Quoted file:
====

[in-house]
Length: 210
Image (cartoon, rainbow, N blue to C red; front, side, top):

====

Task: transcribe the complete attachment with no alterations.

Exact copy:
[in-house]
Length: 210
Image (cartoon, rainbow, N blue to C red; front, side, top):